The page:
Troubleshooting Jeep Cherokee Emissions

by Derek Odom


One common area that causes Jeep Cherokees in particular to fail emissions tests is in the vacuum system. There is a great deal of vacuum on a Jeep Cherokee, from the engine to the four-wheel drive system to the heating and cooling system. What the mechanic at the emissions testing center will do is open the hood and perform a visual inspection, looking specifically for vacuum hoses that are disconnected, broken or not present. One safe way to ensure your Jeep Cherokee passes this portion of the test is to buy a manual and check your engine bay against the vacuum routing schematic in the book. Also, restoring good vacuum to the engine will result in cooler temperatures and more power.

Catalytic Converter

This is the unit on your Jeep Cherokee's exhaust system located just before the muffler, closest to the engine. What it does is super heat the exhaust fumes so that harmful vapors and emissions are literally burnt up before they hit the tailpipe. The trouble is that they fail easily, especially if you take your Jeep off the road. There is a honeycomb-looking baffler in them that is prone to failure, catching debris and getting clogged or simply cracking into pieces. If the catalytic converter is not working properly, there is little chance of your Jeep Cherokee passing an emissions test. Unless you have welding experience, it is recommended to have this component changed out by a professional if your unit is bad.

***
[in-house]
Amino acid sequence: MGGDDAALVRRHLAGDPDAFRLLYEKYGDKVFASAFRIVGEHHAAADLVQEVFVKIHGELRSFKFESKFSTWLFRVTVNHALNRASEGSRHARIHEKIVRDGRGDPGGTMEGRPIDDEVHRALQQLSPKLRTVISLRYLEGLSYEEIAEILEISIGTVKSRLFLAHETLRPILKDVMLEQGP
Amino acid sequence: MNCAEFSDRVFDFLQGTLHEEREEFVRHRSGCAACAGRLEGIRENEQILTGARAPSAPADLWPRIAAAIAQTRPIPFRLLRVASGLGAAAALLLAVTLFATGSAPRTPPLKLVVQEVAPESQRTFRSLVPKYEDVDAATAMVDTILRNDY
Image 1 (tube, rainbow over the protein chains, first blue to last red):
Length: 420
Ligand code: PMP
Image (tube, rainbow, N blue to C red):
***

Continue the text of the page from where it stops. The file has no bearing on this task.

Gas Tank

One key component of current emissions tests is to inspect the fuel tank for leaks. There are now two fuel tank tests in California, and your Jeep must pass both to receive a smog certificate. The first test they do is a performance test on the gas cap itself. They pressurize the tank, throw the cap back on it and then measure the rate of leak down. If it is in the acceptable range, they perform a leak down test on the actual tank itself by pressurizing it with no cap on, but leaving a hose on the inlet nozzle. In this manner, they can see if the tank or any components other than the gas cap is allowing harmful emissions to leak into the air. If your Jeep fails this portion of the emissions test, pay particular attention to the rubber hose on the filler inlet. Many times, these will break down over the years and require replacement.

About the Author

Derek Odom has freelanced since 2008 and is also an author of the macabre. He has been published on, and various other websites. Odom has an Associate of Arts in administration of justice.

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